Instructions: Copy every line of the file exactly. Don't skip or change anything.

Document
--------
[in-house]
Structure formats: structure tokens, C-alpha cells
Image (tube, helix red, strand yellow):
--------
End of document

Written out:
[in-house]
Structure formats: structure tokens, C-alpha cells
Image (tube, helix red, strand yellow):